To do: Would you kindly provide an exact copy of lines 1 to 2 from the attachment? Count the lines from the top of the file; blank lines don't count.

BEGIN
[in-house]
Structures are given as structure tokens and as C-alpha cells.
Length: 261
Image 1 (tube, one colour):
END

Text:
[in-house]
Structures are given as structure tokens and as C-alpha cells.